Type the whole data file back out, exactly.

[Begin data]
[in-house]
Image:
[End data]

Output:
[in-house]
Image: